VOCAL-TX Launches Campaign to Fix Austin’s Rapid Rehousing Program, Invest in Housing the Poor

CONTACT: Paulette Soltani, paulette@vocal-tx.org 


Find Campaign Policy Brief and Firsthand Accounts of the Rapid Rehousing Program Here

View Pictures From Today’s Rally Here

AUSTIN, Texas — Today, VOCAL-TX unveiled a new campaign, Stop the Clock: Fix Austin’s Rapid Rehousing Program and Invest in Housing for the Poor. Among the recommendations released in a campaign policy brief, VOCAL-TX calls on the City to ensure rapid rehousing (RRH) financial assistance lasts 24 months if needed, or until permanent housing is secured.

Throughout March, VOCAL-TX leaders – people who are unhoused or formerly unhoused – surveyed unhoused Austinites about their experiences with RRH. Across the board people reported that RRH is too short and access to permanent housing when RRH ends is too scarce. Many shared stories of how they ended up back on the streets, living out of their cars, and temporarily staying with family members. Today, recipients of RRH shared their stories and called on the city to fix RRH and ensure no one is exited to homelessness.

“My experience was going from the inferno of living on the streets, to what I thought would be paradise of having my own place to live with rapid rehousing,” said Vernon Jarmon, a VOCAL-TX Leader and former Rapid Rehousing recipient. “I thought I was getting a permanent home with no issues, but I almost ended up on the streets again. No one should end up back on the streets if they have RRH. Too many programs aren’t working, and we need these programs to work.”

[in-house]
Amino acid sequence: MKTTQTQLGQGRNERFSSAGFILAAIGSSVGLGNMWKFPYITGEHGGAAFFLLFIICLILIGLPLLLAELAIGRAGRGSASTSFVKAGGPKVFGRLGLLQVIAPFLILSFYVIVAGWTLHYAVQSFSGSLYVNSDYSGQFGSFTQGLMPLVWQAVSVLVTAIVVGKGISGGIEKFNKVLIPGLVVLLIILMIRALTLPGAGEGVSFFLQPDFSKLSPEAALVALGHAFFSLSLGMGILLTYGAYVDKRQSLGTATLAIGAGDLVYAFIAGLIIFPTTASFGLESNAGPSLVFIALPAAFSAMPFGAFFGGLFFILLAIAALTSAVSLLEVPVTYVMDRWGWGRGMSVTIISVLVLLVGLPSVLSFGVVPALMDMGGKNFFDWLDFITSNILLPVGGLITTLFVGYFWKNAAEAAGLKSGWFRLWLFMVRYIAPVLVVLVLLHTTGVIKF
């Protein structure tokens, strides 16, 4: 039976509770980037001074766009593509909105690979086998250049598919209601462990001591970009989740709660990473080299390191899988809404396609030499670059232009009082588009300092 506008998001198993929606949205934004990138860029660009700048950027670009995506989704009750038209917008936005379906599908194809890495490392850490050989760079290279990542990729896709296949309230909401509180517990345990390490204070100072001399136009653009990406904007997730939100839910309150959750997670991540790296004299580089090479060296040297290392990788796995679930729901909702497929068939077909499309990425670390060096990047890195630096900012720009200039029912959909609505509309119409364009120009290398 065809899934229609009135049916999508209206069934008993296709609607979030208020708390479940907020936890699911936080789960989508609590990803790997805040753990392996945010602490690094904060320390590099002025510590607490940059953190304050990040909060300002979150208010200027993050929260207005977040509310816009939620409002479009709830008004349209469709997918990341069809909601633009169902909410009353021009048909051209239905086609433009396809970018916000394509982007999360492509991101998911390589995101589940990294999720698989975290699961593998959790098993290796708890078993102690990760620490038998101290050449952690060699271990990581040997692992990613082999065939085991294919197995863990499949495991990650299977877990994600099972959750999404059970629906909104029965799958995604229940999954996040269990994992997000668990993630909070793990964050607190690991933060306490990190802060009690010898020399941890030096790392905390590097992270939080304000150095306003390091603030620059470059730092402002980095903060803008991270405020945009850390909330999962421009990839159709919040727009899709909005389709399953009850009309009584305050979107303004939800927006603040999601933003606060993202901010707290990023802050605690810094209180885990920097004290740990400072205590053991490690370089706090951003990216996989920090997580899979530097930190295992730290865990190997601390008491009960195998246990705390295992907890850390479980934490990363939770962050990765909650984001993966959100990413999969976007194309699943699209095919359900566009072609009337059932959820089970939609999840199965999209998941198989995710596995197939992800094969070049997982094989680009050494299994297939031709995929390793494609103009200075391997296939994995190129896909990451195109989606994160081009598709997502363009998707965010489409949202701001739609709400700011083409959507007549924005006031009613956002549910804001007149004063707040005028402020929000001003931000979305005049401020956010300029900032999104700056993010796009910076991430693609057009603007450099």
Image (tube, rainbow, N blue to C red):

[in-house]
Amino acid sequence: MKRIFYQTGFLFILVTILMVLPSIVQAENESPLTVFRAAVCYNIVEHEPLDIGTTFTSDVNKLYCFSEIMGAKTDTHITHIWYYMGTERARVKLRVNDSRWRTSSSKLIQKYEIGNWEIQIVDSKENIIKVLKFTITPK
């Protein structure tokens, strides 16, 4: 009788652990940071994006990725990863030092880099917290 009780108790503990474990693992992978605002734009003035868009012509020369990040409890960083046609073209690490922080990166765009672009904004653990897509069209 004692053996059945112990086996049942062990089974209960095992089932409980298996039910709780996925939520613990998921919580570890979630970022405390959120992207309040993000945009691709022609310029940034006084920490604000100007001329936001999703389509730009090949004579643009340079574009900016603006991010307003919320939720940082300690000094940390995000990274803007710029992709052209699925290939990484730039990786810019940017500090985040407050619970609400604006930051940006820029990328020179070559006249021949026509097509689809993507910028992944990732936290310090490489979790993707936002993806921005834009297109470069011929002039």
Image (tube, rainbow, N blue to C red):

“There was no way I could save so much of my income per month. I was trying to pay back credit cards and some of my money had been stolen. I wasn’t close to service or food lines to get free food everyday. I don’t know anyone who could live on $400 a month. Because I didn’t cooperate with the rules, I was kicked out of the program,” said Laura Ann Martinez, a member of VOCAL-TX and former Rapid Rehousing recipient.

“I don’t know how people are supposed to do this. Time goes by so fast. People have so much going on in their lives and people need time. But every night I think about what’s going to happen when my rapid rehousing runs out in August. And I know it’s not just me. If I end up back on the streets, what is going to happen to me?” said Maria Cepeda, a VOCAL-TX Leader and current Rapid Rehousing recipient.


While Rapid Rehousing (RRH) is one of the City’s vital interventions to address homelessness, advocates say the program’s assistance is too brief, and would be dramatically more successful if more affordable and supportive housing were available for people exiting the program. Once enrolled, people wait for months to be housed, but the program is temporary, resulting in many housed individuals being forced back to the streets and to shelters often after only six months to one year.

There have been important news stories and reports covering RRH out of other cities with high rents. Dallas Observer and NPR published stories that portray struggles of RRH recipients finding permanent housing before their RRH ends in Dallas and Los Angeles. In 2017, the Washington Legal Clinic for the Homeless published the report, Set Up To Fail: Rapid Rehousing in the District of Columbia, which discussed challenges with the program and called into question discrepancies in the data. D.C. has since passed policy reforms through the City Council to improve their rapid rehousing programs, though advocates have continued to call for further reforms to the program. In 2022, 50 organizations signed a letter urging the Mayor to end arbitrary time limits of RRH assistance.